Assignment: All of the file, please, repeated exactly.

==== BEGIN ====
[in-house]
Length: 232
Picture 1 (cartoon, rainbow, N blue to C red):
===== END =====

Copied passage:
[in-house]
Length: 232
Picture 1 (cartoon, rainbow, N blue to C red):